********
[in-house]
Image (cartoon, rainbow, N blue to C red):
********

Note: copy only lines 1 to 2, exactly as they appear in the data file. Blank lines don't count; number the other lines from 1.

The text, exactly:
[in-house]
Image (cartoon, rainbow, N blue to C red):